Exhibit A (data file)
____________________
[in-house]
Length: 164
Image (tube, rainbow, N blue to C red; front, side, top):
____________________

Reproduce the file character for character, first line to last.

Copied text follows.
[in-house]
Length: 164
Image (tube, rainbow, N blue to C red; front, side, top):